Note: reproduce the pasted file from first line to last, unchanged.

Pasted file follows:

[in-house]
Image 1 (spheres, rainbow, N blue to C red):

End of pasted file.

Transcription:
[in-house]
Image 1 (spheres, rainbow, N blue to C red):